What makes a story new, fresh, and original?

Lajos Egri: The Art of Dramatic Writing

The art of all dramatic writing begins and ends with the characters.

The plots, regardless of the genre, are all the same: love, hate, greed, revenge, power, and jealousy – or a complex and puzzling mixture.

So what makes stories new and fresh and different?

Always, it’s the characters.

That’s my opinion.

But I stole it.

And, through the years, I found it to be true.

Lajos Egri had the opinion before I did, and he has produced one of the greatest books ever on The Art of Dramatic Writing.

Egri may have focused on the theater where characters occupy every moment on stage.

But novelists would be wise to consider his words as well.

He wrote:  “In the arts we cannot discover startling originality–only trends, styles, twists, slants, tricks, exaggeration, minimization, emphasis on parts instead of the whole. Originality, then, is rare in the field of literature and, for that matter, in all fields of art.

“If we consider originality almost non-existent, then what shall a writer strive for? Characterization. Living, vibrating human beings are still the secret and magic formula of great and enduring writing. Read, or better, study the immortals and you will be forced to conclude that their unusual penetration into human character is what has kept their work fresh and alive through centuries, and not because they may have a new “slant” which seemed to many to be “original.”

He added: “A weak character cannot carry the burden of protracted conflict in a play. He cannot support a play. We are forced, then, to discard such a character as a protagonist. There is no sport if there is no competition; there is no play if there is no conflict. Without counterpoint there is no harmony. The dramatist needs not only characters who are willing to put up a fight for their convictions. He needs characters who have the strength, the stamina, to carry this fight to its logical conclusion.

We may start with a weak man who gathers strength as he goes along; we may start with a strong man who weakens through conflict, but even as he weakens he must have the stamina to bear his humiliation.”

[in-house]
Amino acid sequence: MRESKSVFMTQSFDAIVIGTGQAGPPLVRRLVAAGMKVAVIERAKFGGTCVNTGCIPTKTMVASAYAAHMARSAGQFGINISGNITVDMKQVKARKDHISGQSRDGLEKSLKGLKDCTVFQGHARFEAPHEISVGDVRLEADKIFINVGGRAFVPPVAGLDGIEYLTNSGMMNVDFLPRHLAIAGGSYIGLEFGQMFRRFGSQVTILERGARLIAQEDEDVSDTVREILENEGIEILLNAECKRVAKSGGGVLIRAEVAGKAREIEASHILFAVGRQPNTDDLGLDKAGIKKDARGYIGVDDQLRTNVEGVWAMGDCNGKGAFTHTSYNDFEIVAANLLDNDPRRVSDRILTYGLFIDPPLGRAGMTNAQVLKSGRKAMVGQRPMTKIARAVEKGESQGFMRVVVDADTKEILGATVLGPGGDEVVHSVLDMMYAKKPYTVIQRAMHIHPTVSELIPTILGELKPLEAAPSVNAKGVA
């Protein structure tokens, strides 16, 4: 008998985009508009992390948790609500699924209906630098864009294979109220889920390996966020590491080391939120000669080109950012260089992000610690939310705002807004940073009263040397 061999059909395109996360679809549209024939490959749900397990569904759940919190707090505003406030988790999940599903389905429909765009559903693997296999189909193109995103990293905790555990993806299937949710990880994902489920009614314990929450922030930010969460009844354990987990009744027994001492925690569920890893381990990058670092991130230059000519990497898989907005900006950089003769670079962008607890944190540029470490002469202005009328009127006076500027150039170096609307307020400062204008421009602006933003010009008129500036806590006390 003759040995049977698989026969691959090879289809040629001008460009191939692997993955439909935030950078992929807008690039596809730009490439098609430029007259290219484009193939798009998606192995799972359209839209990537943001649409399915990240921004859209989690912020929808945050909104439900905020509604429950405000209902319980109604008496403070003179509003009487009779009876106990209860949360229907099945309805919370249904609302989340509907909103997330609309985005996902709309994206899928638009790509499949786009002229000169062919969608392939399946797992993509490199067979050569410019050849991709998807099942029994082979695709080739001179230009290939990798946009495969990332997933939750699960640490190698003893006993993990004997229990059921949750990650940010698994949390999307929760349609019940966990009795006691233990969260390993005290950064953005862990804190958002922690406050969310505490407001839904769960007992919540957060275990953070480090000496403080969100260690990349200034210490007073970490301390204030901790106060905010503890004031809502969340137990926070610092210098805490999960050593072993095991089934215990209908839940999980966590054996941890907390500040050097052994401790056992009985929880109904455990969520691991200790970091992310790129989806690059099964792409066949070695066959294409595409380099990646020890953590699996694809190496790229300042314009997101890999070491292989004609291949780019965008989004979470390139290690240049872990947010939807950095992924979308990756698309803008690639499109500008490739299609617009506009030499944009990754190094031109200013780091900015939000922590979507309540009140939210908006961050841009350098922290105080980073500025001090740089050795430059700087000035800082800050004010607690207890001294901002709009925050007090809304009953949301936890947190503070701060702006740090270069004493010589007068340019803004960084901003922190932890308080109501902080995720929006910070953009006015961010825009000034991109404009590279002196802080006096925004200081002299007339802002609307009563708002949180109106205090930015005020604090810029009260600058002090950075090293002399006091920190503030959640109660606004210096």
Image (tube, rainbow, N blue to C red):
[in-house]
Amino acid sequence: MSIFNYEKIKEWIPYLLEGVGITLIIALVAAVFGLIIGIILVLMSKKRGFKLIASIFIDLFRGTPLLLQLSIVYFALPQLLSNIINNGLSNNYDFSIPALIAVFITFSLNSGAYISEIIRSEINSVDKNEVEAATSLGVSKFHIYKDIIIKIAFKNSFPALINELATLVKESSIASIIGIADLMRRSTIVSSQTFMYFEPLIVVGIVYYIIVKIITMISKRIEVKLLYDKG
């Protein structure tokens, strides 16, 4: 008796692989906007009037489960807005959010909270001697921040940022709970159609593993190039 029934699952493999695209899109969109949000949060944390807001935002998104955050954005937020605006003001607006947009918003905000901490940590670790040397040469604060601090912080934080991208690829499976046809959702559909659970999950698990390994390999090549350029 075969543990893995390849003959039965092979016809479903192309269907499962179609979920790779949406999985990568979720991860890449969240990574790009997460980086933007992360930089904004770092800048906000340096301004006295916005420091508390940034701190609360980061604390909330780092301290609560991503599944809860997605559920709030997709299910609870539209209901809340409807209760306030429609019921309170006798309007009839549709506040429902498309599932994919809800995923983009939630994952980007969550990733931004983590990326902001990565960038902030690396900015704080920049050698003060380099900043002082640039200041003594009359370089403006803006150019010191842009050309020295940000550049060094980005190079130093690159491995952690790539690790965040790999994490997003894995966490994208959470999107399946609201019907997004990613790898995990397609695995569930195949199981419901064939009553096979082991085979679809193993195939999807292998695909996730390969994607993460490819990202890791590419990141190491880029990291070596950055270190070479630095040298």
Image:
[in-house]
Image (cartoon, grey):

And these are his thoughts on creating and building the protagonist in your story.

“The pivotal character knows what he wants…Without him (or her) the story flounders…in fact, there is no story.”


 “A pivotal character must not merely desire something. He (or she) must want it so badly that he will destroy or be destroyed in the effort to attain his goal…A good character must have something very vital at stake.”
“A pivotal character is a driving force, not because he decided to be one. He becomes what he is for the simple reason that some inner or outer necessity forces him to act; there is something at stake for him, honor, health, money, protection, vengeance, or a mighty passion.”

The art of all dramatic writing begins and ends with the characters.

That’s what Lajos Egri believes.

And he has convinced me.

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  • Character is why I can read Jane Eyre any time I want. Character is why I get dragged into GWTW every time I have the temerity to go check a scene, because it stays tightly focused on Scarlett even when she’s like watching a clash of carriages. Character is why I go to Manderly again.

    If the writer has given us the haunting interior monologue to know the character, it is to see how he does it. If the writer has not, and the character is proved by action, it is to think what possible journey the character went on since he was born that would make him end up where he does.

    Character is why I love Lord Peter and Harriet Vane.

    It’s also where originality can be found: how characters adapt to a world that has never been what it is now.

    • Caleb Pirtle

      I wish I had written that, Alicia. You captured it all. We don’t love a book because of the story. We love the book because we never forget the character who made the story worth reading.

      • One of the reasons I insist on only reading books with at least one semi-sympathetic character in it.

        Scarlett comes close to being unlikable, but Mitchell’s genius (I read somewhere) is that Scarlett is often better, pluckier, stronger, braver, bolder, even sometimes kinder – than the characters around her. Purely good characters like Melanie are too sweet for me. Scarlett has to fight for everything. Even when she steals Suellen’s beau, 1) he gets what he really wanted, and 2) Suellen wasn’t using him very well, and wouldn’t have for Tara. We wouldn’t ache for her at the end if we didn’t hope she would win eventually, would we?

        If all the characters are not worth reading about, why would we want to read what happens to them, which is as close as we will come to living their lives?

        I can’t read Lolita. Not yet. Maybe I’m not dark enough. Other writers can do that part; I’ll pass. Yup. Just did the Wikipedia lookup. Not reading that. It’ll be difficult enough washing the summary out of my brain.

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